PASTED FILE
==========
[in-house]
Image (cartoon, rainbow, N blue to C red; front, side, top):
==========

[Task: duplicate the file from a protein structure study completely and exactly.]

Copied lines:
[in-house]
Image (cartoon, rainbow, N blue to C red; front, side, top):